Kroger Spending $2.5 Billion to Acquire Harris Teeter

Andrew Klips  |

The Kroger Company (KR) said Tuesday morning that it will pay $49.38 in cash for each share of Harris Teeter Supermarkets, Inc. (HTSI) under a definitive merger agreement to acquire the smaller supermarket operator.  Including approximately $100 million in Harris Tweeter debt that Kroger will assume, the transaction is valued at about $2.5 billion.

The transaction price is a 33.7-percent premium to the closing price of Harris Teeter on January 18, the day news broke that the Matthew, North Carolina-based company was exploring strategic alternatives.

The boards of both companies have approved the agreement.

Kroger will finance the deal with debt.  The company’s quarterly dividend and share repurchase plan will not be changed, according to today’s statement, which was released by both companies.  Harris Tweeter will operate as a subsidiary of Kroger and there are no intentions to close stores, dismiss employees or change the name of the Harris Tweeter brand.  

Kroger, one of the world’s biggest retailers and largest U.S. grocery chain, will get 212 stores located in the “attractive” southeast and mid-Atlantic markets and Washington, D.C. in the Harris Tweeter portfolio.  Already with a strong foothold in the Midwest, Kroger will significantly broaden its presence to the east with the purchase.  In fiscal 2012, Harris Tweeter generated about $4.5 billion in revenue.

Trade Commission-FREE with Tradier Brokerage

Kroger is still playing second fiddle to Wal-Mart Stores, Inc. (WMT) as the largest retailer in the States.  Wal-Mart sits atop the Fortune 500 with 2012 sales of $443.9 billion.  Kroger, who is listed as #23, generated $96.8 billion in sales in 2012.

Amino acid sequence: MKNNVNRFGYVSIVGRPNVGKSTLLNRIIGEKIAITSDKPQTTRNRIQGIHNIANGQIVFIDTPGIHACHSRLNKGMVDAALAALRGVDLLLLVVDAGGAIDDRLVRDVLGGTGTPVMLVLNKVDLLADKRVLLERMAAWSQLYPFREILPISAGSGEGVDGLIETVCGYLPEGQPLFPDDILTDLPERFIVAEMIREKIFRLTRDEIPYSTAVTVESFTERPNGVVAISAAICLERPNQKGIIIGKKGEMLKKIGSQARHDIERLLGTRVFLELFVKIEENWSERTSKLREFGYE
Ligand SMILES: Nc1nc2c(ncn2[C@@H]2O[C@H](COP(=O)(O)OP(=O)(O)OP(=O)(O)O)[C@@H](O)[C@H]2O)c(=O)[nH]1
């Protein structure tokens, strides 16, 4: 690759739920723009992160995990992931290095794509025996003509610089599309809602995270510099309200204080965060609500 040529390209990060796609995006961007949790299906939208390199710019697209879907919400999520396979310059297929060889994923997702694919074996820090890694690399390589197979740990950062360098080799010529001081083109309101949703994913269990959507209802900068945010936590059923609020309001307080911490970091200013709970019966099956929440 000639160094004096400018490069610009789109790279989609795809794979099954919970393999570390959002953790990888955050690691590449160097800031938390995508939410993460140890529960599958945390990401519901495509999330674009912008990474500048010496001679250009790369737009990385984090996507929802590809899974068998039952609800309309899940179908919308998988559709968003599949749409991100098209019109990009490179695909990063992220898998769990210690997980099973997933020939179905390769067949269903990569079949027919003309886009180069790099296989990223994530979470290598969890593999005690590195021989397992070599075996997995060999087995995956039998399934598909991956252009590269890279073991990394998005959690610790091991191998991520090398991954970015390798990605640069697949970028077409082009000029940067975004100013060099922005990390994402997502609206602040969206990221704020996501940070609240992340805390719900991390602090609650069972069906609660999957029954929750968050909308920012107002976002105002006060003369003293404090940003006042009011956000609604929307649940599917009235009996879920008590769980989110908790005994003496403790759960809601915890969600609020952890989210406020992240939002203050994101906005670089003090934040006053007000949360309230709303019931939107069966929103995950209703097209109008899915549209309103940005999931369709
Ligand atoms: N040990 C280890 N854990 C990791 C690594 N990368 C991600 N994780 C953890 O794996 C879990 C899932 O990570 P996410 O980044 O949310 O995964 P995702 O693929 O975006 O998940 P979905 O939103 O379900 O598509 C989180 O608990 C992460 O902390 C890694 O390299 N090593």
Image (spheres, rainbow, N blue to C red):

Net accretion to earnings per diluted share is expected in the range of 6 cents to 9 cents in the first full year after the merger, excluding transition and transaction expenses, according to Kroger.  Annual cost savings are anticipated between $40 million to $50 million over the next three to four years, mostly because of Kroger’s scale.

"Harris Teeter has a long track record of creating shareholder value and this merger is the culmination of those efforts over many years,” said Thomas W. Dickson, chairman and chief executive of Harris Teeter.

Added David Dillon, chairman and chief executive of Cincinnati-based Kroger, “This is a financially and strategically compelling transaction and a unique opportunity for our shareholders and associates.  We look forward to bringing together the best of Kroger and Harris Teeter while continuing to operate and grow the Harris Teeter brands.”

Upon closing, Kroger will operate 2,631 supermarkets and employ over 368,300 associates across 34 states and the District of Columbia.

Shares of Kroger have printed new all-time highs this month, closing on Monday at $36.19, only pennies from the record high of $36.29 made last week.  That record has fallen in early Tuesday action, with shares ahead by about 2 percent at $36.83.  Shares are up 43 percent so far in 2013 with the morning move.

Harris Teeter shares have skipped upward by about 1 percent to $49.00, also representing a new all-time high.

[Image via Flickr]

DISCLOSURE: The views and opinions expressed in this article are those of the authors, and do not necessarily represent the views of Readers should not consider statements made by the author as formal recommendations and should consult their financial advisor before making any investment decisions. To read our full disclosure, please go to:


Symbol Last Price Change % Change